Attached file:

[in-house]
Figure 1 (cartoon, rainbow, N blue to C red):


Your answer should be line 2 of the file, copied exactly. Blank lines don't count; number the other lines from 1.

Figure 1 (cartoon, rainbow, N blue to C red):